The Great And The Good In Davos Ignore Afghanistan At Their Peril – Analysis


By Luke Coffey

The world’s leaders, policymakers, commentators, and other movers and shakers gathered in the Swiss mountain town of Davos last week for the annual meeting of the World Economic Forum. On top of the agenda were some of the world’s most pressing geopolitical issues: Ukraine and Russia, Israel and Hamas, China and Taiwan, trade and economics, energy security, and global shipping.

However, one issue that was notably absent was the situation in Afghanistan and the current humanitarian plight of the Afghan people under the Taliban.

UN Secretary-General Antonio Guterres delivered a special address about global challenges and didn’t mention Afghanistan once. The same can be said about the speeches by US Secretary of State Antony Blinken, NATO Secretary-General Jens Stoltenberg, EU Commission President Ursula von der Leyen and Chinese Premier Li Qiang. It was almost as if, in the eyes of some of the world’s most influential and powerful leaders, Afghanistan did not exist at all.

And make no mistake, the situation in Afghanistan is dire. According to a recent report by the Center for Disaster Philanthropy, “in 2024, more than half of Afghanistan’s population will require humanitarian assistance.”

Another report by the UN Office for the Coordination of Humanitarian Affairs says Afghanistan remains in a state of humanitarian crisis characterized by “high levels of protracted displacement, mine and explosive ordnance contamination, restrictions to freedom of movement, increased risk of gender-based violence, child labor, early marriage and increased needs for mental health and psychosocial support.” Girls are still denied an education beyond sixth grade, leaving the future of millions of Afghans uncertain.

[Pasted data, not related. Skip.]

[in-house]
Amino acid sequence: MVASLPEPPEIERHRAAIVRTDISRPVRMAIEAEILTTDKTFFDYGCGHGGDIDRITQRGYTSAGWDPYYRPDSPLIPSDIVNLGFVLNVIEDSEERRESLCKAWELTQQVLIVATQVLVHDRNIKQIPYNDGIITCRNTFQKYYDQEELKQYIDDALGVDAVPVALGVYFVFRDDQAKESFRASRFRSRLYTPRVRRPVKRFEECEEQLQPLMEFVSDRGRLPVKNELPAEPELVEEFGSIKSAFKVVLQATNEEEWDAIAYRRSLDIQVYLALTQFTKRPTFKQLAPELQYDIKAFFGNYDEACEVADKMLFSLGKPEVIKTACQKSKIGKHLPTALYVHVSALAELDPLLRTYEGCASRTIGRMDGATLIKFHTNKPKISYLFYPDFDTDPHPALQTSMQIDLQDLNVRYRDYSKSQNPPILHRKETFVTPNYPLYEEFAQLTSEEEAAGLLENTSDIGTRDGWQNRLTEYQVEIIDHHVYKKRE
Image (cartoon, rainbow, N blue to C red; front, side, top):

There are four reasons that the situation in Afghanistan is the way that it is. The sooner the international community acknowledges these reasons, the sooner action can be taken to help Afghans.

First, as the de facto rulers of Afghanistan, the Taliban now realize it was far easier fighting the central government than it is governing the country. Fractures at the very top of Taliban leadership have also made governing Afghanistan even more challenging. The consequence of this poor governance is that Afghan people are facing their worst humanitarian disaster since the Taliban were last in power in the 1990s.

The second reason there is such a severe humanitarian challenge in Afghanistan is that the international community has not figured out how to engage and deal with the de facto Taliban government. For example, at least 13 members of the Taliban’s so-called government are under some form of UN sanctions. The Taliban allow transnational terrorist groups such as Al-Qaeda to roam freely despite assurances to the contrary. This makes it difficult for many in the international community to feel comfortable, either legally or morally, working with the Taliban. In the US, there is a continuing debate about how to get humanitarian assistance directly to the Afghan people without lining the pockets of the Taliban elite. After spending so much money in Afghanistan over the 20 years of US involvement, and with little to show for it, many politicians in Congress are wary of sending even more.